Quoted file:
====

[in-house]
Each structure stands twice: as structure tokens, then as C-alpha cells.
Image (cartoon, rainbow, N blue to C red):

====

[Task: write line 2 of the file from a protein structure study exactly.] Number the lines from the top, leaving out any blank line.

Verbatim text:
Each structure stands twice: as structure tokens, then as C-alpha cells.